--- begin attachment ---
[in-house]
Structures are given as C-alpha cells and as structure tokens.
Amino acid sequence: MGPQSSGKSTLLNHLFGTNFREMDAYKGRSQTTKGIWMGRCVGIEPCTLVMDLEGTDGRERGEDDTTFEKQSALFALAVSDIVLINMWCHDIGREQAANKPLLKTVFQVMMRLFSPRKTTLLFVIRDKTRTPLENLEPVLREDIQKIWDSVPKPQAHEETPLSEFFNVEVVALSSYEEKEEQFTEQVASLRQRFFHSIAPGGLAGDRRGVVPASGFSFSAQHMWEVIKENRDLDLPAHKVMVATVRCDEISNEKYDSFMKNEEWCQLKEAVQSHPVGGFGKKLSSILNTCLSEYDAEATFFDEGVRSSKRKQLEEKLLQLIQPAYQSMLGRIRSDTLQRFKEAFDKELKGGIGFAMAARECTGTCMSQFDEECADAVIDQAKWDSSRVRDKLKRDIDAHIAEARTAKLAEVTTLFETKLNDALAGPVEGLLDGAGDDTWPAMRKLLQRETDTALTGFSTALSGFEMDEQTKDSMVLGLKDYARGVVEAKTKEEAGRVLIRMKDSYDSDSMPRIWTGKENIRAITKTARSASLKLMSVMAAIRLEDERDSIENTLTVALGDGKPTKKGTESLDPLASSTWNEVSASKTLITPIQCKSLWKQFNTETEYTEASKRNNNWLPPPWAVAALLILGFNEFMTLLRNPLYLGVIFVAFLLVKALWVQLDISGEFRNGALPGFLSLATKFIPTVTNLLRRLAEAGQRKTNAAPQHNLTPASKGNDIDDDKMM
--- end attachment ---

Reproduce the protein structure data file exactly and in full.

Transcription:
[in-house]
Structures are given as C-alpha cells and as structure tokens.
Amino acid sequence: MGPQSSGKSTLLNHLFGTNFREMDAYKGRSQTTKGIWMGRCVGIEPCTLVMDLEGTDGRERGEDDTTFEKQSALFALAVSDIVLINMWCHDIGREQAANKPLLKTVFQVMMRLFSPRKTTLLFVIRDKTRTPLENLEPVLREDIQKIWDSVPKPQAHEETPLSEFFNVEVVALSSYEEKEEQFTEQVASLRQRFFHSIAPGGLAGDRRGVVPASGFSFSAQHMWEVIKENRDLDLPAHKVMVATVRCDEISNEKYDSFMKNEEWCQLKEAVQSHPVGGFGKKLSSILNTCLSEYDAEATFFDEGVRSSKRKQLEEKLLQLIQPAYQSMLGRIRSDTLQRFKEAFDKELKGGIGFAMAARECTGTCMSQFDEECADAVIDQAKWDSSRVRDKLKRDIDAHIAEARTAKLAEVTTLFETKLNDALAGPVEGLLDGAGDDTWPAMRKLLQRETDTALTGFSTALSGFEMDEQTKDSMVLGLKDYARGVVEAKTKEEAGRVLIRMKDSYDSDSMPRIWTGKENIRAITKTARSASLKLMSVMAAIRLEDERDSIENTLTVALGDGKPTKKGTESLDPLASSTWNEVSASKTLITPIQCKSLWKQFNTETEYTEASKRNNNWLPPPWAVAALLILGFNEFMTLLRNPLYLGVIFVAFLLVKALWVQLDISGEFRNGALPGFLSLATKFIPTVTNLLRRLAEAGQRKTNAAPQHNLTPASKGNDIDDDKMM